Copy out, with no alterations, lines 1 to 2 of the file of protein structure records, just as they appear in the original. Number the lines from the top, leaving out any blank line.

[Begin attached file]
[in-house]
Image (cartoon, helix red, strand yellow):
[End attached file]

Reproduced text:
[in-house]
Image (cartoon, helix red, strand yellow):